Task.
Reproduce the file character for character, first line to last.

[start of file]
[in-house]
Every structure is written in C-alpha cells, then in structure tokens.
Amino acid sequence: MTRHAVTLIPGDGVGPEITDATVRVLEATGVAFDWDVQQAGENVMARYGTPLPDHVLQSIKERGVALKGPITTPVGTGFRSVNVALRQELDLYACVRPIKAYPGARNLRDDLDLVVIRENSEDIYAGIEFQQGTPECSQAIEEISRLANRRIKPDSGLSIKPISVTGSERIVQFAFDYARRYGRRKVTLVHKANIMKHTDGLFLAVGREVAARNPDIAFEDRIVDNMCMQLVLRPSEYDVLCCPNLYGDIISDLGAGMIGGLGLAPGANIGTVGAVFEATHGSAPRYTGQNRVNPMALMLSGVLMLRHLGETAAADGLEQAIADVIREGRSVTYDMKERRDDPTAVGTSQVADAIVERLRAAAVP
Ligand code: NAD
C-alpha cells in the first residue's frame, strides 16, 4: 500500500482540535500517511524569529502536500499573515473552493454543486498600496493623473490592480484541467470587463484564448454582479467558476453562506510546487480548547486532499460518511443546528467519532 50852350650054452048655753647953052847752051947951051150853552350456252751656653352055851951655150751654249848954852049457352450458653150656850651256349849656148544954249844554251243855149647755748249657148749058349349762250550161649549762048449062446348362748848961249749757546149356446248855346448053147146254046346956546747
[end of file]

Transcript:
[in-house]
Every structure is written in C-alpha cells, then in structure tokens.
Amino acid sequence: MTRHAVTLIPGDGVGPEITDATVRVLEATGVAFDWDVQQAGENVMARYGTPLPDHVLQSIKERGVALKGPITTPVGTGFRSVNVALRQELDLYACVRPIKAYPGARNLRDDLDLVVIRENSEDIYAGIEFQQGTPECSQAIEEISRLANRRIKPDSGLSIKPISVTGSERIVQFAFDYARRYGRRKVTLVHKANIMKHTDGLFLAVGREVAARNPDIAFEDRIVDNMCMQLVLRPSEYDVLCCPNLYGDIISDLGAGMIGGLGLAPGANIGTVGAVFEATHGSAPRYTGQNRVNPMALMLSGVLMLRHLGETAAADGLEQAIADVIREGRSVTYDMKERRDDPTAVGTSQVADAIVERLRAAAVP
Ligand code: NAD
C-alpha cells in the first residue's frame, strides 16, 4: 500500500482540535500517511524569529502536500499573515473552493454543486498600496493623473490592480484541467470587463484564448454582479467558476453562506510546487480548547486532499460518511443546528467519532 50852350650054452048655753647953052847752051947951051150853552350456252751656653352055851951655150751654249848954852049457352450458653150656850651256349849656148544954249844554251243855149647755748249657148749058349349762250550161649549762048449062446348362748848961249749757546149356446248855346448053147146254046346956546747